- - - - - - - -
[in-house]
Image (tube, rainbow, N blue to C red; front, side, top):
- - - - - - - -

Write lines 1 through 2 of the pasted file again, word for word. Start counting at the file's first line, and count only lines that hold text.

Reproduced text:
[in-house]
Image (tube, rainbow, N blue to C red; front, side, top):